Chrysler weighs deal to build cars in Russia
Top Chrysler LLC executives, eager to boost overseas sales, will meet today with the president of Russian automaker GAZ to discuss a deal to build Chrysler vehicles in Russia’s booming market.
Such a project would allow Chrysler to tap into the rapid growth in Russian car and truck sales without making a huge investment, said sources familiar with the negotiations. The discussions between GAZ President Leonid Dolgov, Chrysler President Tom LaSorda and other officials at Chrysler’s Auburn Hills headquarters illustrate the profound changes taking place in the industry, where ambitious companies from emerging markets are forming ties with struggling old-line automakers.
GAZ, part of a group owned by Oleg Deripaska, a tycoon close to Russian President Vladimir Putin, is seeking access to North American auto technology and know-how. GAZ bought a $1.54 billion stake in Canadian auto supplier Magna International Inc. in May. Over the next five years, it plans to invest $1.25 billion in the United States. Michigan Gov. Jennifer Granholm also is scheduled to meet GAZ President Dolgov today to press for some of the investment, her office confirmed. „If GAZ is going to invest $1.5 billion in the United States over the next five years, we want that investment here in Michigan,” Granholm spokeswoman Liz Boyd said. „The governor is going to take every opportunity to fight for investment and jobs in this state.” The US auto industry’s deep difficulties were one of the factors behind Stuttgart, Germany-based Daimler AG’s decision this year to dissolve the nine-year DaimlerChrysler merger and sell Chrysler to Cerberus Capital Management LP.
Seeking overseas growth
Newly private Chrysler, now heavily reliant on the US market for its revenues, is moving to expand abroad. It has entered into an agreement with China’s Chery Automobile Co. to produce small cars in China for Chrysler. But Chrysler officials recently said that Chery does not yet have a vehicle that meets the US automaker’s standards. Chrysler officials declined to comment on the talks with GAZ but said the two companies already do some business together. Chrysler sells four-cylinder, 2.4-liter engines to GAZ, and it sold the Russian firm the tooling to make the previous-generation Sebring sedan, which GAZ will produce in Russia.
In addition, GAZ’s partner, Magna, is Chrysler’s biggest supplier. Both companies were interested in Chrysler during the auction of the US automaker earlier this year. Cerberus officials were not available Wednesday to comment on whether GAZ has expressed a more recent interest to invest in Chrysler. The Auburn Hills automaker has boosted sales abroad, but still relies on North America for more than 85% of its revenue. GM, Ford benefit in Russia By comparison, General Motors Corp. and Ford Motor Co. have much larger operations overseas, including in Russia, and they have benefited from a recent surge in the Russian market fueled by high energy prices and an improving economy.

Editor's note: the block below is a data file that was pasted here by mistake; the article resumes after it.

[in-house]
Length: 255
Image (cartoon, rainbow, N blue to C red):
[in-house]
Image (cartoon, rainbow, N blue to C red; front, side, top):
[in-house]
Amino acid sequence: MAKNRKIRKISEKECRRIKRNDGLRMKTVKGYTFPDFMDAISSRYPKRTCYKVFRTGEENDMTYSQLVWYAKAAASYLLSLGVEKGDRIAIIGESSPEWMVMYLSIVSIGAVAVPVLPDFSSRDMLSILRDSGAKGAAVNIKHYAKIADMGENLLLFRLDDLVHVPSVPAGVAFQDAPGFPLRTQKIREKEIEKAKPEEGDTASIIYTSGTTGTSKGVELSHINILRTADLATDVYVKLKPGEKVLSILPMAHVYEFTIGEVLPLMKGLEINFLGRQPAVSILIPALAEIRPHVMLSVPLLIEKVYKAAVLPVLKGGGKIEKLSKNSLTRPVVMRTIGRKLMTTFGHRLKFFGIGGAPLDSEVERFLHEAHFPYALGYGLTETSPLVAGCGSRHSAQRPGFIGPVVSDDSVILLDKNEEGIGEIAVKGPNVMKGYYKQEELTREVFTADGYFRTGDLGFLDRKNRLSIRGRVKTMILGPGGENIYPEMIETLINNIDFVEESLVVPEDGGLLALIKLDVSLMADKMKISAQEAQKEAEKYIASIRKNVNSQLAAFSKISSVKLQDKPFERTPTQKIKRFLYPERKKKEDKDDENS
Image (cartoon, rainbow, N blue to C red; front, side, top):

Russian car sales are growing at a 25% annual rate. Investment firm Merrill Lynch expects Russia to be Europe’s second- or third-largest car market by the end of this year, with car sales exceeding 2.2 million vehicles, and combined car and truck sales reaching 2.5 million vehicles. „Russian volume growth mainly benefited foreign carmakers - up 62% in unit sales in the first nine months of 2007 - as Russians continued to move away from local brands,” Merrill Lynch said in a report issued last month.
Russian car sales profitable
By contrast with the auto business in many emerging markets, car sales in Russia are highly profitable. But high tariffs are imposed on imported cars, which is why so many global automakers are scrambling to set up local production in Russia. Among the models Chrysler might seek to produce locally is the Jeep Grand Cherokee SUV. GAZ, a former state-owned firm established in 1930 and acquired in 2000 by Deripaska, is one of the manufacturers feeling the pressure from the Russian consumers’ shift to foreign brands.Its factories in Nizhny Novgorod, about 250 miles southeast of Moscow, turn out vehicles such as the relatively basic but easy-to-repair Volga midsize car starting at around $8,000. In recent years, however, Volga sales have languished and GAZ’s market share has fallen to 9% from 13% in 2001. GAZ is relying on assistance from Magna technicians to set up production of the Sebring, called the Sibir in Russia, to drive up sales. (detnews.com)
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